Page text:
A new tax deal for the EU

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The EU needs a New Tax Deal. Jan Sarnowski and Piotr Arak set out the principles that could guide it. [Images Money/Flickr]

Cross-border tax evasion is a problem for the EU and there is no reason to exclude EU member states from the tax haven assessment. Therefore, the EU needs a New Tax Deal. Jan Sarnowski and Piotr Arak set out the principles that could guide it.

Jan Sarnowski is the undersecretary of state at the ministry of finance in Poland; Piotr Arak is the head of the Polish Economic Institute, a governmental think-tank.

The theme of this year’s World Economic Forum in Davos was “Defining Stakeholder Capitalism”, which basically means that companies are accountable to more people than just to their owners. There is nothing more defining for the responsibility of corporations to act for people’s interest than to pay their fair share of taxes.

We propose seven steps that might be worth €170 billion per year.

In Davos, we presented our paper that showed the magnitude of the problem of aggressive tax optimisation, profit shifting and simple fraud in the EU. That’s a hole in public finances the size of the EU’s annual budget.

Profit shifting by multinational enterprises between different jurisdictions is a widespread practice that deteriorates the CIT revenue in the EU member states.

Out of the €170 billion the EU loses every year, €60 billion comes from artificial profit-shifting by multinational companies – moving earnings from a higher tax jurisdiction to a country with a lower tax rate – €46 billion due to moving wealth by rich individuals, and €64 billion due to cross-border VAT fraud,

Taxing profits in the country where the profits are actually produced should be the fundamental principle for organising tax systems worldwide. However, not all countries, including some EU member states, abide by this rule.

It is reported that about 80% of the profits shifted out of the EU countries are shifted to EU tax havens (as coined by the European Parliament), primarily Ireland, Luxembourg, and the Netherlands.

Poland is a whistleblower. We are not the country most affected by this practice but we have seen in recent years that reforming tax compliance can be achieved if you put money where your mouth is.

We need a New Tax Deal in the European Union. We have some easy recommendations that could be put into place by the European Commission with the cooperation of the biggest economies in Europe.

First, we need to revise the rules on income tax flow in the EU. If the recipient state’s ratio of passive income flow (dividends, interest, royalty payments) is above certain rational thresholds, the tax benefits should not be granted to the taxpayers.

Second, we can go a step further and include the EU Member States in the screening process for the grey- and blacklisted tax havens. The classification criteria for the lists should be fully precise and publicly available.

As cross-border tax evasion is, in the first place, an intra-EU problem, there is no reason to exclude the EU member states from the tax haven assessment.

The criteria for the assessment should, for example, include the legal facilities for suspicious capital flows. In an alternative option, the grey- and blacklisting process may concern not the entire tax regime, but specific solutions in each country that are the most harmful to the EU tax system cohesion.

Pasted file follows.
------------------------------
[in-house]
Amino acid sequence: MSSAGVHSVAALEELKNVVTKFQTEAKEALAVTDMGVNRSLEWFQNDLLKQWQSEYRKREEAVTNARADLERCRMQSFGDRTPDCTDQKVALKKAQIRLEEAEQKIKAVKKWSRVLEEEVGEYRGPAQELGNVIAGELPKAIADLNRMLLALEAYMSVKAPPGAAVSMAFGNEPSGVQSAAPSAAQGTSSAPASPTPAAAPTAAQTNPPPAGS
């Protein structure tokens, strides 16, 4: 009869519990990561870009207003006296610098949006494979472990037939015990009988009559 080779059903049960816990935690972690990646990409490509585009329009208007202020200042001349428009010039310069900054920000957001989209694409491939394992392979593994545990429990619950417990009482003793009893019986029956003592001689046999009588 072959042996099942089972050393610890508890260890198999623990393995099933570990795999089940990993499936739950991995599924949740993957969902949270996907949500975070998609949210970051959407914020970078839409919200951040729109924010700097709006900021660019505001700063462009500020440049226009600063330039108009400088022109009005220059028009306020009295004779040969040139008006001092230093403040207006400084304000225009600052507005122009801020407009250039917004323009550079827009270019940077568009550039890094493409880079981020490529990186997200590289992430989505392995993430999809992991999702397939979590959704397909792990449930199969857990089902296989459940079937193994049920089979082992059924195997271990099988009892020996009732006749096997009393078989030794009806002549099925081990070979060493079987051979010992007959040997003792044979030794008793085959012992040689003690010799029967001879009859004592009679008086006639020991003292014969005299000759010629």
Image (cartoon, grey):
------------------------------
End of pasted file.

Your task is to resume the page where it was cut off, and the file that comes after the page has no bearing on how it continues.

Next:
Third, we could give the European Commission the power to impose sanctions on countries (including the EU Member States) that have been classified as tax havens. This should give the Commissions’ recommendations the power needed to have a real impact.

Fourth, one of the instruments could be the exclusion of companies registered in grey- and blacklisted countries from participation in public tenders in the EU area. Currently, tax haven-based companies win roughly 5% of the value of public contracts in the EU Member States. Public procurement is the perfect ground where governments can start pushing against tax haven abuse. Not only do they have additional motivation (the risk of conflict of interest), but they also enjoy powerful leverage as the contracting authorities.

Fifth, we should also establish an obligation for multinational enterprises to regularly disclose information on their tax strategies in a standardized format, applicable for all EU Member States. Corporations should present not only their tax results but also how they manage tax risk, their attitude to tax planning, how the business works, and any other relevant information relating to taxation.

Six, the challenge is also to boost cross-border cooperation in terms of access to and exchange of standardized data concerning tax information.

Finally, we may also talk about recalculation of the tax base by multinational enterprises in each EU country they operate in, taking into account disallowance for certain payments to related parties (interests, royalties, etc.). The solution is based on Base Erosion and Anti-Abuse Tax (BEAT), recently introduced in the United States. According to BEAT regulations, every large corporation calculates its tax liability at a standard tax rate and compares it to the liability at the lower BEAT rate, calculated after adding back to the tax base deductible payments such as interest, royalties, and certain service payments. The corporation must pay the higher liability of these two.

The new European Commission has taxation at its heart with Ursula van Der Leyen, Frans Timmermans, Valdis Dombrovskis and Margrethe Vestager committing to reforming tax systems in different spheres.

Maybe we must also look at the elephant in the room, at those who do not pay their fair share at this moment so we can finance the bold climate and innovation agenda. Let’s find that money.

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